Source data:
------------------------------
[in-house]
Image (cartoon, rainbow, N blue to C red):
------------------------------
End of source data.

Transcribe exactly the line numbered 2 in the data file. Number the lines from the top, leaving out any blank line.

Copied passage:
Image (cartoon, rainbow, N blue to C red):